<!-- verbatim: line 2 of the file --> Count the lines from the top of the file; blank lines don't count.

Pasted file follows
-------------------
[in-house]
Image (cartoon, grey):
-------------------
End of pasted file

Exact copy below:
Image (cartoon, grey):